Cleansers also contain moisturizing ingredients or antioxidants, besides the ingredients needed to remove the dirt, makeup, and excess oil. But they can also contain salicylic acid and benzoyl peroxide in order to help those with breakouts.

In short: cleansers are considered to be more gentle than face washes.

But that, in my opinion, is a notion that no longer applies today and it’s my reason for writing this cleanser vs face wash post.

Because, nowadays, if you’re looking for a cleanser or a face wash, the results are the same. The same product will be called both a cleanser and a face wash to make people more easily understand what it’s for.

Since a product intended for washing our face in order for us to be able to continue with the rest of our beauty routine can be called both a cleanser and a face wash, then there’s no real difference between the two.

What Are Face Washes?

Face washes were compared in their harshness to soaps and where considered appropriate for those with oily or combination skin.

Not even those skin types will benefit from harsh cleansing products, those notions are long gone.

Because now we know that if you strip the skin of its essential oils, it will feel the need to produce excess sebum, which will lead to even more clogged pores and, subsequently, breakouts.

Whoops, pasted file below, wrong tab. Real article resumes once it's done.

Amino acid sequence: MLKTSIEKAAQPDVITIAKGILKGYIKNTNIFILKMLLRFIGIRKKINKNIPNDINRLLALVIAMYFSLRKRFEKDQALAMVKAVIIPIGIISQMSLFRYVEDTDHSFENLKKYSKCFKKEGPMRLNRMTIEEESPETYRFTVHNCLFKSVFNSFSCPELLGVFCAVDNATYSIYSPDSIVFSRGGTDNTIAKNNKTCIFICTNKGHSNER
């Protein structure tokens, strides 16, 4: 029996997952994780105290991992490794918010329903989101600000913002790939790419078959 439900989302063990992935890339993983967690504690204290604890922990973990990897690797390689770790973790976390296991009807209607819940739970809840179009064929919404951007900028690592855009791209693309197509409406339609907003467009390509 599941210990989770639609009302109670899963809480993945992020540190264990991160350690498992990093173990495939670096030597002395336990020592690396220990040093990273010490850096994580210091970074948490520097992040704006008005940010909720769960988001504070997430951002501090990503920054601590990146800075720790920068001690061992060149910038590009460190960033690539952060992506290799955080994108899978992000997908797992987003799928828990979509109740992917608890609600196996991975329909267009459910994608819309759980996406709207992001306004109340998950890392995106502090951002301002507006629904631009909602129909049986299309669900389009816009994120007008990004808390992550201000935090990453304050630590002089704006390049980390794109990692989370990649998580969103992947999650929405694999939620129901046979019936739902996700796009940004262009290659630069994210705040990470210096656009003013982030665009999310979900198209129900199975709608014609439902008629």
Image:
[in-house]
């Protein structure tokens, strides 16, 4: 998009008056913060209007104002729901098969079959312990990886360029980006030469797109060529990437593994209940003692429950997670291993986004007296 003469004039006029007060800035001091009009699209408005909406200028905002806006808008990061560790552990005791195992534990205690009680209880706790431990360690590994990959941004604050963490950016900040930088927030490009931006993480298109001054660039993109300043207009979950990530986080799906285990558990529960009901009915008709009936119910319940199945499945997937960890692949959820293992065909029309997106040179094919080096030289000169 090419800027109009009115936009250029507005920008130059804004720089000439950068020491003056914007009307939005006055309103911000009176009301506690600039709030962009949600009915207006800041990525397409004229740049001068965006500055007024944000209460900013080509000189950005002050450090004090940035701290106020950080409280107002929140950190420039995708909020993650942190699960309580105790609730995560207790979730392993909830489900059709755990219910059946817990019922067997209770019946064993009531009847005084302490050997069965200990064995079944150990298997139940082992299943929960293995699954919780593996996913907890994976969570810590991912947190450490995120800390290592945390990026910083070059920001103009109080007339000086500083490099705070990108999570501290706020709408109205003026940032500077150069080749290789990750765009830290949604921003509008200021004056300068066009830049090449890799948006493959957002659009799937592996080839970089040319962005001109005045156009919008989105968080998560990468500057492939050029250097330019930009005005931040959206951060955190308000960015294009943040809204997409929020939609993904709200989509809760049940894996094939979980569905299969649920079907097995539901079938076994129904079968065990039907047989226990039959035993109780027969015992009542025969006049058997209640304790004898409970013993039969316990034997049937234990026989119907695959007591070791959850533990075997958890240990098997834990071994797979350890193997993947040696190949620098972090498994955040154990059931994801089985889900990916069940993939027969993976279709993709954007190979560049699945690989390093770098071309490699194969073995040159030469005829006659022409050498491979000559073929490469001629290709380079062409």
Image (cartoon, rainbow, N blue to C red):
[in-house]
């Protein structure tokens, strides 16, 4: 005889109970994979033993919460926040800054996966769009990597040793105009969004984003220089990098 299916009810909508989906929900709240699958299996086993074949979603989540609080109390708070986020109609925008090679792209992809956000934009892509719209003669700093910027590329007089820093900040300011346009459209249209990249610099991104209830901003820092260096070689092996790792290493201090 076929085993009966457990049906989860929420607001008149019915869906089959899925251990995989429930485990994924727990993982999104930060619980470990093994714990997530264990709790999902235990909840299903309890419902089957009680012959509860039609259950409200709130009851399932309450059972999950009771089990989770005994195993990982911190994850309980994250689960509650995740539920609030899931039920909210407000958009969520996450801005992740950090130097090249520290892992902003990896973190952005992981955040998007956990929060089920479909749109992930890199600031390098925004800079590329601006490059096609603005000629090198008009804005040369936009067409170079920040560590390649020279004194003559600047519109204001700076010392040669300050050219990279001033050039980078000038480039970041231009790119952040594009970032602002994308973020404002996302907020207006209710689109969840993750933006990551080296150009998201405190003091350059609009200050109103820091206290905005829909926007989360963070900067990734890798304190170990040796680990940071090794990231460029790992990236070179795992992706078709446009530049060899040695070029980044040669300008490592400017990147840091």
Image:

That’s why, instead, manufacturers have turned their attention to ingredients that can balance sebum production because it’s much more beneficial to have a healthy skin barrier if you want a healthy skin with fewer problems.

We know better now and manufacturers definitely know better: a face wash must be gentle and achieve that balance of not irritating the skin, even when it contains more powerful active ingredients, like benzoyl peroxide. Salicylic acid is very gentle.

Those ingredients can target specific problems, like it’s the case with cleansers (face washes) for acne-prone or oily skin or like it’s the case with those formulate for sensitive or dry skin or like it’s even the case for those addressing aging skin.

How Do We Use Cleansers and Face Washes?

The steps are the same because both are the same product:

  • wash your hands first
  • then wet the skin with lukewarm water
  • there are two consistencies: gel, which will not form a lather exactly, and foam, which is self-explanatory – I have used both types and they both cleanse the face thoroughly if they’re from a good manufacturer, you don’t need to see excessive foam to know that they work
  • massage gently the skin with the gel or foam
  • you should massage for about a minute
  • then rinse with lukewarm water
  • pat dry with a towel, always a clean towel every time, don’t rub the skin just pat it dry

As I said, those wearing makeup should double cleanse. It means that they should use two separate products for cleansing the face in order to remove absolutely everything.

Most cleansers/face washes will state that they remove makeup as well so you can try a single product and see how that goes.

Or you can use face wipes or a makeup melting balm or any other form of makeup remover and then wash your face with a cleanser.

As for our cleanser vs face wash debate, I think we all now understand that nowadays, with how things have evolved in the beauty industry, they refer to the same product.